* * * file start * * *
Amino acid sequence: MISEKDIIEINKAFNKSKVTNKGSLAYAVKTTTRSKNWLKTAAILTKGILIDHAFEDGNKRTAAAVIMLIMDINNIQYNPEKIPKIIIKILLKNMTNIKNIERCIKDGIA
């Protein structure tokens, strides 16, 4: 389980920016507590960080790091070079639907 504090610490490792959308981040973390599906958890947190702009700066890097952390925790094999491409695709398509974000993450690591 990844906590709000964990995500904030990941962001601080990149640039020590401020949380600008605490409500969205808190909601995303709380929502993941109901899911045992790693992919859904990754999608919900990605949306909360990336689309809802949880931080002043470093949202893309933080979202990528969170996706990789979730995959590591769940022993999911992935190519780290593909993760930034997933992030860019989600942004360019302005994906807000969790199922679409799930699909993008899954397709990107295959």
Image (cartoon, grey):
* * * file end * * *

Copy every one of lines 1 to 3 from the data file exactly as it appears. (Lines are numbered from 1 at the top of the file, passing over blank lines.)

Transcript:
Amino acid sequence: MISEKDIIEINKAFNKSKVTNKGSLAYAVKTTTRSKNWLKTAAILTKGILIDHAFEDGNKRTAAAVIMLIMDINNIQYNPEKIPKIIIKILLKNMTNIKNIERCIKDGIA
């Protein structure tokens, strides 16, 4: 389980920016507590960080790091070079639907 504090610490490792959308981040973390599906958890947190702009700066890097952390925790094999491409695709398509974000993450690591 990844906590709000964990995500904030990941962001601080990149640039020590401020949380600008605490409500969205808190909601995303709380929502993941109901899911045992790693992919859904990754999608919900990605949306909360990336689309809802949880931080002043470093949202893309933080979202990528969170996706990789979730995959590591769940022993999911992935190519780290593909993760930034997933992030860019989600942004360019302005994906807000969790199922679409799930699909993008899954397709990107295959």
Image (cartoon, grey):